The Transient Fault Handling Application Block
The Microsoft Enterprise Library Transient Fault Handling Application Block lets developers make their applications more resilient by adding robust transient fault handling logic. Transient faults are errors that occur because of some temporary condition such as network connectivity issues or service unavailability. Typically, if you retry the operation that resulted in a transient error a short time later, you find that the error has disappeared.
Different services can have different transient faults, and different applications require different fault handling strategies. The Transient Fault Handling Application Block encapsulates information about the transient faults that can occur when you use the following Windows Azure services in your application:
- SQL Azure
- Windows Azure Service Bus
- Windows Azure Storage
- Windows Azure Caching Service
The Transient Fault Handling Application Block enables the developer to select from the following retry strategies:
- Fixed interval
- Exponential back-off
The Enterprise Library Transient Fault Handling Application Block includes the following features:
- You can select from an extensible collection of error detection strategies for cloud-based services, and an extensible collection of retry strategies.
- You can use the graphical Enterprise Library configuration tool to manage configuration settings.
- You can extend the block by adding error detection strategies for other services or by adding custom retry strategies.
|The Transient Fault Handling Application Block is a product of the collaboration between the Microsoft patterns & practices team and the Windows Azure Customer Advisory Team. It is based on the initial detection and retry strategies, and the data access support from the Transient Fault Handling Application Framework. The new block now includes enhanced configuration support, enhanced support for wrapping asynchronous calls, provides integration of the block's retry strategies with the Windows Azure Storage retry mechanism, and works with the Enterprise Library dependency injection container. The new Transient Fault Handling Application Block supersedes the Transient Fault Handling Framework and is now a recommended approach to handling transient faults in the cloud.|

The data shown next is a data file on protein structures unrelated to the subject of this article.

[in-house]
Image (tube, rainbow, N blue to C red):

This section includes the following topics to help you to understand and use the Transient Fault Handling Application Block:
- What Does the Transient Fault Handling Application Block Do? This topic provides a brief overview that will help you to understand what the block can do, and explains some of the concepts and features it incorporates. It also provides a simple example of the way you can write code to use the block.
- Hosting the Transient Fault Handling Application Block. This topic describes how to host the Transient Fault Handling Application Block, and how to configure it. The configuration information can define the retry strategies the block uses.
- Key Scenarios. This section demonstrates how to implement some common scenarios using the block.
- The Design of the Transient Fault Handling Application Block. This topic explains the decisions that went into the design of the Transient Fault Handling Application Block and the rationale behind those decisions.
- Extending and Modifying the Transient Fault Handling Application Block. This topic explains how to extend the block by adding custom detection strategies and retry strategies.
- August 2012 - with no dependency on the Windows Azure Shared Caching core assembly
- September 2012 - with the support for the Task-based Asynchronous Pattern (TAP)
For related information, see the following patterns & practices guides and documents:
- Microsoft Enterprise Library home page on MSDN
- Enterprise Library Integration Pack for Windows Azure community page on CodePlex
- Developer's Guide to the Enterprise Library 5.0 Integration Pack for Windows Azure on MSDN
- Moving Applications to the Cloud, 2nd edition
- Developing Applications for the Cloud, 2ndedition
- patterns & practices Developer's Center on MSDN
Last built: June 7, 2012